K. H. Coppage and B. M. Sibai Pages 749 - 757 ( 9 )
Hypertension is the most common medical disorder during pregnancy . Approximately 70 percent of women diagnosed with hypertension during pregnancy will have gestational hypertension-preeclampsia. The term gestational hypertension-preeclampsia is used to describe a wide spectrum of patients who may have only mild elevation in blood pressure to those with severe hypertension with various organ dysfunctions (acute gestational hypertension, preeclampsia, eclampsia, and the syndrome of hemolysis, elevated liver enzymes, and low platelets (HELLP syndrome). The exact incidence of gestational hypertension-preeclampsia in the United States is unknown. Estimates range from 6% to 8% of all pregnancies . The treatment of hypertensive disorders in pregnancy requires careful assessment of the maternal and fetal conditions. Therapeutic decisions must take into account fetal age, maternal symptoms, tests of fetal well-being, as well as maternal status, in order to ensure the best overall outcome. Treatment of mild gestational hypertension with antihypertensive medications has not been shown to improve outcome, however, in cases of severe disease treatment has been shown to be beneficial. The purpose of this review is to discuss the different treatment modalities used in the hypertensive disorders of pregnancy. Management strategies will not be discussed.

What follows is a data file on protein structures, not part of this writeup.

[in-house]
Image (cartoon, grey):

pregnancy, hypertension, preeclampsia, treatment
Professor and Chairman, Department of Obstetrics and Gynecology, University of Cincinnati, 231Albert Sabin Way, M/L 0526, Cincinnati, Ohio 45267-0526.